In The Number Ones, I’m reviewing every single #1 single in the history of the Billboard Hot 100, starting with the chart’s beginning, in 1958, and working my way up into the present.
God bless gibberish. Pop music often works best when it’s most meaningless, when it reaches for a level of pure euphoric silliness. The word “boogie” isn’t quite gibberish; it has a whole etymology. In the ’70s, as far as I can tell, “boogie” was just a synonym for “dance.” But a lot of the best disco smashes of the ’70s are about boogieing, not dancing. Songs about dancing are, almost by nature, frivolous. Songs about boogieing are somehow even more frivolous, if only because the word “boogie” is a sillier word than “dance.” That’s a good thing.
Before A Taste Of Honey came along, the Sylvers got to #1 with “Boogie Fever,” and KC & The Sunshine Band followed them with “I’m Your Boogie Man” — two gloriously goofy songs. “Boogie Fever” is about an epidemic of dancing, an urge that takes people over even when they’re at pizza parlors and drive-in movies. “I’m Your Boogie Man” is the tale of a guy who likes to dance and have sex and who uses the same verb to describe both of them. A Taste Of Honey’s “Boogie Oogie Oogie” gets even looser with it simply by turning the word “boogie” into an echo of itself, pushing it further into the realm of pure gibberish. That rules.
A Taste Of Honey started in Los Angeles in the early ’70s, naming themselves after a Herb Alpert song, and they spent years honing their craft, heading out on USO tours and playing on American military bases throughout the world. The band went through tons of lineup changes over the years. Gregory Walker, the band’s original lead singer, left in 1976 to join Santana (a group who, in a much later incarnation, will appear in this column). By the time their lineup solidified, A Taste Of Honey were led by two women, singer/bassist Janice Marie Johnson and singer/guitarist/keyboardist Hazel Payne.
In 1978, A Taste Of Honey met up with two producers, Jackson 5 collaborator Fonce Mizell and his brother Larry. That got them signed to Capitol, and the Mizell brothers produced their self-titled 1978 album. Johnson and keyboardist Perry Kibble wrote “Boogie Oogie Oogie,” their first single. The song was a response to a tough night they’d spent playing an Air Force club. Johnson, angry at the icy reaction they’d gotten, wrote “Boogie Oogie Oogie” as a kind of command: “If you’re thinking you’re too cool to boogie, boy oh boy, have I got news for you/ Everybody here tonight must boogie/ Let me tell you, you are no exception to the rule.” Boogieing was imperative.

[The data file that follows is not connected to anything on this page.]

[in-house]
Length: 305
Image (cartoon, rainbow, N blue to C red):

Listening to “Boogie Oogie Oogie,” though, you’d have no idea that Janice Marie Johnson wrote the song because she was pissed about a bunch of insufficiently appreciative Air Force guys. My old boss Chuck Eddy once pointed out the similarities between “Boogie Oogie Oogie” and “The Oogum Boogum Song,” a minor 1967 soul hit from Brenton Wood. Indeed, “Boogie Oogie Oogie” ties back to a long and proud tradition of bubblegum-pop nonsense, one that predates disco by years. And “Boogie Oogie Oogie” works especially well because Johnson and Hazel Payne never seem to consider it to be a silly song. Instead, “Boogie Oogie Oogie” is a song about escape, about losing yourself on the floor.
More than most of the disco hits of 1978, “Boogie Oogie Oogie” keeps at least some connection to soul music. Johnson’s bassline is heavy and deep, and she gets especially busy on the breakdown. Perry Kibble gets into some Stevie Wonder clavinet action on the keyboard. Hazel Payne plays a couple of blazing rock-adjacent solos that fit beautifully within the context of the song; I’d like the imagine that Prince, whose debut album came out a couple of months before “Boogie Oogie Oogie,” was paying attention. (Prince, obviously, will eventually appear in this column.) In its sparkling liveliness, “Boogie Oogie Oogie” also anticipates some of the lush quicksilver club music that Michael Jackson would soon start making.
In a lot of ways, “Boogie Oogie Oogie” is a generic disco song, from its giddy meaninglessness to the pedestrian horn fanfares that open the song. Still, it’s a good generic disco song, and there was a lot of room for that in 1978. A Taste Of Honey didn’t change the game, but they played it well.
The group would only have one more top-10 hit, an English-language quiet storm cover of Kyu Sakamoto’s 1963 chart-topper “Sukiyaki.” (A Taste Of Honey’s “Sukiyaki” peaked at #3 in 1981; it’s a 4.) The group broke up in 1983. Johnson had a brief solo career, and Payne became a stage actress. Johnson and Payne got back together in 2004 to sing “Boogie Oogie Oogie” on a PBS special about disco. So that’s A Taste Of Honey’s real legacy: One slice of giddy nothingness that went to #1 for three weeks in 1978. That a hell of a lot more than most of us can say.
BONUS BEATS: Here’s Brooke Valentine’s crunk&B cover of “Boogie Oogie Oogie,” with guest verses from Fabolous and Yo-Yo, from the soundtrack of the 2005 movie Roll Bounce:
(Brooke Valentine doesn’t have any top-10 hits; her only charting single, the 2005 Lil Jon/Big Boi collab “Girlfight,” peaked at #23. Neither does Yo-Yo; she peaked at #36 with 1991’s “You Can’t Play With My Yo-Yo.” Fabolous, on the other hand, has two singles that peaked at #4: the Lil Mo/Mike Shorey collab “Can’t Let You Go” and the Tamia collab “Into You,” both from 2003. They’re both 4s.)
BONUS BONUS BEATS: Here’s the scene from a 2019 Pose episode where a bunch of women sing along to “Boogie Oogie Oogie” on a road trip: